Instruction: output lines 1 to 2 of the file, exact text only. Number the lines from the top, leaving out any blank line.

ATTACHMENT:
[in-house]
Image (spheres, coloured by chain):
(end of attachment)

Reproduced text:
[in-house]
Image (spheres, coloured by chain):